Journal Record Health Care Briefs: Nov. 29, 2011

Article excerpt

Outstanding women selected for award

OKLAHOMA CITY - The Women in Pediatric Academic Medicine Committee at the University of Oklahoma College of Medicine has announced recipients of the 2011 Outstanding Woman in Pediatric Medicine Award.

The recipients are Anne G. Wlodaver, neonatologist with OU Children's Physicians, and Maria Delivoria-Papadopoulous, of Drexel University College of Medicine, Philadelphia.

The annual award recognizes a member of the OU College of Medicine faculty - retired or currently employed - for achievements in pediatric academic medicine, as well as a national leader in academic pediatric medicine.

Wlodaver sees patients as part of OU Children's Physicians and is also a clinical associate professor in the OU College of Medicine department of pediatrics, section of pediatric neonatal-perinatal medicine. She has been with the university since 1990. She is board- certified in general pediatrics and neonatal-perinatal medicine.

Since 2006, Wlodaver has served as the medical director of the newborn resuscitation service and organized the OU Neonatal Resuscitation team at The Children's Hospital at OU Medical Center.

Wlodaver first met Delivoria-Papadopoulous, who became her mentor, after earning her medical degree in 1977.

Delivoria-Papadopoulos is professor emeritus of pediatrics and physiology at the University of Pennsylvania School of Medicine, professor of pediatrics, physiology, obstetrics and gynecology at Drexel University College of Medicine, chief of the division of neonatal-perinatal medicine and the Ralph Brenner Endowed Chair in Pediatrics at St. Christopher's Hospital for Children.

The awards will be presented at 8 a.m. Dec. 8 during the Pediatric Grand Rounds at the OU College of Medicine. After the presentation, Delivoria-Papadopoulos and Wlodaver will present a career development workshop on Pathways to Success in Academic Pediatrics.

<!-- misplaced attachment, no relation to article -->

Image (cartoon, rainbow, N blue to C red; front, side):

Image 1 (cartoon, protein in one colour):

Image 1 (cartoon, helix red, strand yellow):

-- Staff report

OKC Indian Clinic receives awards

OKLAHOMA CITY - The Oklahoma City Indian Clinic tied for the most awards received by a health care provider at the Government Performance and Results Act awards meeting.

The White Cloud Health Station in White Cloud, Kan., shared the top spot with the Oklahoma City Indian Clinic.

The GPRA requires all government agencies to create a five-year strategic plan, draft an annual performance plan and report on progress toward long- and short-term goals for better patient service.

"Reaching and exceeding the exceptional standards set forth by the GPRA is a constant goal of the clinic staff," said Robyn Sunday- Allen, CEO of the OKCIC.

The clinic was recognized for patient care provided by large facilities serving more than 5,000 people in the GPRA population.

The awards presented by GPRA to the clinic include the Physician Champion Award presented to Daniel Molina; Best Goal Outcome for diabetes management for controlled blood pressure; Best Goal Outcome for pap smear program; Best Goal Outcome for mammogram program; and Best Goal Outcome for adult influenza program (patients over age 65).

Molina was instrumental in developing screening strategies and laboratory procedures that allowed for more patients to get the services they needed. He also helped implement an innovative scheduling model that streamlines patient care for better customer service.

The Oklahoma City Indian Clinic staff cares for more than 16,000 patients from more than 220 federally recognized tribes every year.

-- Staff report

OSU Medical Center appoints chair

TULSA - Gary Badzinski has been appointed chair of the cardiovascular service line by the Oklahoma State University Medical Center.

The service line implements and monitors the performance improvement initiatives of the department. Badzinski is a board- certified cardiologist. …